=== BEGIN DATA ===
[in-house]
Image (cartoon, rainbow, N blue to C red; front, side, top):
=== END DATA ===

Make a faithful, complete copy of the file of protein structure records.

[in-house]
Image (cartoon, rainbow, N blue to C red; front, side, top):